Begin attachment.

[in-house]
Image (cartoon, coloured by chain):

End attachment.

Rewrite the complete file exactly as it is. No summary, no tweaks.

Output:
[in-house]
Image (cartoon, coloured by chain):